• Actually, I do think it's all intertwined, and I have my own views that are extremely similar to those said above. However, I think for UFO research to be taken seriously, we must keep these ideas to ourselves until there is at least some form of proof behind them. You don't see scientists having wild assumptions about what will come from the LHC (well, except for the fringe idiots that think a black hole will envelope the Earth). I think we should follow their lead and stay professional.

    By Blogger armakan01, at Wednesday, June 03, 2009  

  • Armakan01...

    I think the day that anything about UFOs can be considered professional has long passed...if it was ever so.

    But I agree that some peripheral matters should be subliminal, even if just to keep the UFO waters less muddy than they already are.

    RR

    By Blogger RRRGroup, at Wednesday, June 03, 2009  

  • Nick,
    I absolutely agree that embedding this phenomenon in an strictly empirical framework has buried it in the political machinations of those who would exploit it for the same reason.

    We may be witnessing what Godel arranged as a paper theorem, that logic has unraveled itself when faced with the fact that uncertainty rather than perfection is the driver of new horizons.

    It always amazed me that we thought the world could be accurately described with only twenty seven letters of the alphabet. The self referential terms of our engagement with the world has been reoriented, and I think that all of us are poised at the frontier of a new world as radically different in concept as surely as Columbus faced when he landed in South America instead of China, while most felt he had long since fell off the edge of a flat world.

    No cartography, geology or history precedes this outside of what we have defined ourselves to be as sort of a place holder, a post it note to return later to find what or whom that is when we look in the mirror.

    Maybe time is counted and we are positioned in a situation where delaying this examination any longer will consign us to oblivion or worse, a lingering misery.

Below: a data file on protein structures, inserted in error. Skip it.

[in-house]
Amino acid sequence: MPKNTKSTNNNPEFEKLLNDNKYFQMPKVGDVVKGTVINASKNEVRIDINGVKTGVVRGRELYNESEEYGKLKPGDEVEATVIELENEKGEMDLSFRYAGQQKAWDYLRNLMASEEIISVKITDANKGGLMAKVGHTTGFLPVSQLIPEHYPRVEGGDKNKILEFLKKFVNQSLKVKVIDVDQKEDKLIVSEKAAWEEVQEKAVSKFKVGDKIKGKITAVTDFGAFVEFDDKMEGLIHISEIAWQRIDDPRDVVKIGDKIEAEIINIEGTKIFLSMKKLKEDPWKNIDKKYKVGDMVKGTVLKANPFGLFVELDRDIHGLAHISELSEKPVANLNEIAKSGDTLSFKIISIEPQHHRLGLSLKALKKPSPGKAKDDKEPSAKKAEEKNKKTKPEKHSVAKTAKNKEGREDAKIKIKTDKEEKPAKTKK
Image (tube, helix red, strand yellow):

God the Universe, Nature whatever word we use in this limited vocabulary is not an authoritarian monarch and we have instead of reward or punishment, we have the gift of opportunity to transform reality as we conceive of it, and all one can do is hope that this will effect our own behavior for the betterment of all..

    Best Wishes
    Bruce

    By Blogger Bruce Duensing, at Wednesday, June 03, 2009  

  • @RRRGroup: If we're far beyond this hypothetical point of UFO research being professional, or even if it never was, what is the point of even having this blog? Assume one of your group or bloggers/blog views happens to research upon some really good telling evidence. What would be the point of even discussing it, or talking about it if this hasn't been taken seriously? I'm reminded of artifacts like in Bob White's story. The artifact matches characteristics that so far have been testable to prove it is either an extremely exotic, top secret project, or ET. But even after careful analysis, they haven't been given straight answers on the tests they requested, or even the correct tests needed to actually make some sort of determination about the object's origin. I'm getting off track here though...what I'm trying to get at is that to further get the UFO subject taken seriously, we must approach it entirely as skeptical scientists, otherwise whatever we determine might as well be thrown out the window, because no one will listen.